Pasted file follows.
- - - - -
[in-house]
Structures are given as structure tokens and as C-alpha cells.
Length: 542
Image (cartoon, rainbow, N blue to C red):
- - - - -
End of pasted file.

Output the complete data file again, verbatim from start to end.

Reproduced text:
[in-house]
Structures are given as structure tokens and as C-alpha cells.
Length: 542
Image (cartoon, rainbow, N blue to C red):